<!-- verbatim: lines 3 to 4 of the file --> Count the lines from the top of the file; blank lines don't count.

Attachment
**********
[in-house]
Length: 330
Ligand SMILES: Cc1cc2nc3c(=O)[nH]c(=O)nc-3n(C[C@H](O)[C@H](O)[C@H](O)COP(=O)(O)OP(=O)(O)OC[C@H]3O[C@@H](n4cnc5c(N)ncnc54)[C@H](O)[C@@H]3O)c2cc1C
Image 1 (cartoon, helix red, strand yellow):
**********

Ligand SMILES: Cc1cc2nc3c(=O)[nH]c(=O)nc-3n(C[C@H](O)[C@H](O)[C@H](O)COP(=O)(O)OP(=O)(O)OC[C@H]3O[C@@H](n4cnc5c(N)ncnc54)[C@H](O)[C@@H]3O)c2cc1C
Image 1 (cartoon, helix red, strand yellow):